Certainly, third party keyboards are a real testament to how customizable Android can be out of the box. Since KitKat's rollout, however, people have noticed that the default input method reverts to the default keyboard when updating a paid keyboard app. Worse still, the keyboard you updated actually ends up disabled.
What's interesting about this bug is that it seems to only affect the paid flavor of these apps. Free versions should go unaffected. Read More
Just because a company files a patent for something, it doesn't mean that idea will eventually see the light of day. In this case, the patent filing in question doesn't just concern an unannounced but rumored product, it deals with a particular aspect. As it turns out, Samsung may one day want us to walk around interacting with our not-yet-confirmed-but-totally-expected Galaxy Glasses while typing on our palms.
The glasses presumably use a camera to project an augmented reality keyboard onto your fingers. Read More
Adaptxt 3.0 isn't ready for the big league yet, but a beta is available that's introducing some rather intriguing functionality. Most interesting, it gives users the option to have the keyboard's built-in dictionary auto-populate itself with nearby street names, relevant addresses, and nearby landmarks. Of course, this somewhat creepy feature is optional, and typists who don't trust it can choose to manually save addresses instead. Read More
This was just too good of a goof to pass up. "Swype, for all those times you need to make the most ironic typos." Perhaps, installing SwiftKey might be a good idea:
Via: @Swype (imgur mirror for when they take it down) Read More
Wink It Keyboard may not yet be the most obnoxious Android keyboard, but give it time, it's still in beta. This product comes from the developers of Adaptxt Keyboard, which made a name for itself by being feature-rich and customizable. Wink It's approach is decidedly less useful. Its goal is not to improve your typing. Oh no, it wants to change the way you use emoticons. It sticks various images in the suggestion bar as you type, encouraging you to stick them into your messages more often. Read More
Using a virtual keyboard may not feel as natural as a physical one, but it's only the worst way to input text with a touchscreen except for all of the other ones. Swype has had the most success in revolutionizing how we enter text, as all of the major Android keyboards have since introduced gesture-based typing in subsequent upgrades, but it's far from perfect. That brings us to FlickKey Keyboard. It's a sliding keyboard that, by grouping letters into square groups of nine, aims to reduce how far across the screen our fingers need to slide. Read More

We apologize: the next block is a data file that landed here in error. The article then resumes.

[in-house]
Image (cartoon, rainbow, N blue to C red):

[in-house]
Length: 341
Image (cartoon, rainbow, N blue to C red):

Most current smartwatches, such as the Pebble and the Galaxy Gear, serve as notification hubs for whatever smartphone is paired to them, but this limitation is something several Kickstarter projects have sought to change by effectively turning smartwatches into phones themselves. This approach doesn't address how ludicrous it is to peck out words on such a tiny screen, but Minuum, the Android keyboard that fits the entire alphabet into a single row, could just be the ideal solution. Read More
Swype pioneered the use of gestures to enter words into our mobile devices, a feature that competitors have since picked up, including the keyboard that now ships pre-installed on Google's Nexus devices. Yet while Swype remains a champ at forming words out of our illegible squiggles, it hasn't been the fastest option for manually typing out words the old fashioned way. Now the app has received an update that the team promises significantly improves tap input. Read More
SwiftKey's latest update won't radically alter how you type in the days ahead, but it will do its best to remind you that, baby, it's cold outside. A new winter theme is available that coats your keys in blue and covers them with snow. A cold gust of wind follows your trail as you trace over the keyboard, and the letters show up as large snowflakes as you type. The keyboard's background itself also sports a frosty design. Read More
Google's default Android keyboard has typically emphasized simplicity over anything else, but it has picked up quite a few new nice features over the years. It now offers Swype-style gesture support out of the box, and after the latest update, you can choose what color your swipe trail and accent colors should be.
Following the Android 4.4 redesign, the Google Keyboard defaults to a subdued black and white color palette. Read More